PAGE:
Maliki papers some cracks, opens others
By Sami Moubayed
DAMASCUS - Provincial elections in Iraq are set for January 31, and Prime
Minister Nuri al-Maliki's photos are plastered all over Baghdad. The premier
himself is not on the ballot, but members of his team are bracing themselves
for what they see will be a smashing comeback, having lost much of their
political clout - due to deteriorating security - since 2006.
Iraqis will elect new provincial councils in 14 of the country's 18 provinces.
Excluded are the three Kurdish provinces in northern Iraq and the province of
Tamim, which includes the disputed city of Kirkuk, claimed by Kurds, Arabs and
Turkmen, and key for the control of its surrounding area's huge oil reserves.
Campaign posters are using Maliki's image, and some been
vandalized; showing him with a protruding moustache, a pirate's eye patch, or
even sprouting a beard. Others remain intact, showing him tough, serious, with
a slight smile.
Maliki is trying to win the hearts and minds of ordinary Iraqis, and although
originally coming from an Islamic group, the Da'wa Party, he has not used
religious rhetoric in this campaign. Rather, he has tried to appeal to the
widest range possible of ordinary Iraqis, promising better security, running
water and non-stop electricity, among other things.
This week, he launched an initiative to send 50,000 Iraqi students on grants
and scholarships to the United States, for undergraduate, graduate and doctoral
studies. Selection will be based on merit, he noted, and not on any sectarian
In this sense, Maliki has matured, acting like a pan-Iraqi statesmen, and not
as a petty Shi'ite politician, bunkered in the narrow alleys of Iraqi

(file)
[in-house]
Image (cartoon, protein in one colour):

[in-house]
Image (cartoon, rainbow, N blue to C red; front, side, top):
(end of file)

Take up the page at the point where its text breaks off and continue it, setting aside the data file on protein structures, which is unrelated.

sectarianism. And surprisingly, this change is paying off, with many young
Iraqis willing to give him the final benefit of the doubt.
Although most Iraqis were concerned about the Security of Forces Agreement
(SOFA) which was ratified by the Iraqi government and the United States in late
2008, many are now eagerly anticipating its first breakthrough this summer.
That is when the widely hated US troops will move out of Iraqi towns and
cities, giving Iraqis what one friend called "visual relaxation". Iraqis are
happy that they won't be stopped at foreign-manned checkpoints, nor will they
have to see US troops at every corner of the Iraqi capital.
Somehow, Maliki has convinced a wide variety of people that the SOFA - in its
present form - would never have passed had it not been for his relentless
lobbying with former president George W Bush. It is the first step towards
independence, with the second step being when US troops withdraw completely in
In the provincial elections, Maliki is supporting a new list, the Coalition of
the State for Law. It includes a broad range of politicians, Sunnis, Shi'ites
and some Kurds, and has alarmed those who were speculating that Maliki's days
The shoe-throwing incident last December, when Maliki extended his arm to
protect Bush from footware thrown by an Iraqi journalist, was viewed at the
time as political suicide by a disgruntled Iraqi public.
Strangely, Maliki has sprung back into life, via the interpretation of the SOFA
that he has sold the Iraqis. Critics fear that if he wins the provincial
elections, he will become another strongman, just like Saddam Hussein.
His campaign, stressing strong central government and no more concessions for
Kurds and Sadrists, is raising eyebrows in political circles of Baghdad. These
are words that Maliki has often said, but this time he seems serious on
implementing them. He is planning to crack down on Kurdish ambitions at
annexing the oil-rich Kirkuk region, and wants to strike at all militias,
whether Sunni, Kurdish or even Shi'ite, to prove himself as a man of the law.
Just this week, however, he sent notice to the Awakening Councils, a
100,000-man army of Sunni tribesmen armed by the United States to combat
al-Qaeda in Iraq. At first, Maliki strongly opposed the creation of the
councils, claiming they legitimized Sunni arms of the "Sunni insurgency", at
the expense of Shi'ites. Once through with combating al-Qaeda, the Sunni
Awakening Councils, he claimed, would turn their arms first on the Americans,
and then on Shi'ites.
More recently, under US pressure, and to accommodate Iraqi domestics, Maliki
has accepted incorporating the Awakening Council members into the security
services and civil service - in limited numbers. The merging of Awakening
members into the security forces has been granted a deadline by the prime